"As two former Yugoslav republics, Slovenia and Croatia, press on with a border dispute that has dragged on for over a decade, the international community is likely to step in to resolve the issue through arbitration.
In the latest developments, Slovenian lawmakers last week presented a map of the border between the two countries, asking Croatia to hand over a disputed bay and grant access to the open seas. If those demands are not met, some Slovenian politicians warn that they could hold a referendum against Croatia's entry into the EU.
At the center of the dispute is the Bay of Piran, a small body of water in the northern Adriatic Sea some 20 square kilometers in size that is not visible on most maps of Europe. Both countries claim ownership of the bay. Over the past few years, diplomacy over the issue has been characterized by tit-for-tat actions, usually targeting fishermen, on the part of both countries.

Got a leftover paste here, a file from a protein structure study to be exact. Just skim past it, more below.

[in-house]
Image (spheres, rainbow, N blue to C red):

There is no clear border demarcation between the two former Yugoslav republics in this area, and neither have any historical base for which to claim ownership of the bay."
Read the full article at ISN Security Watch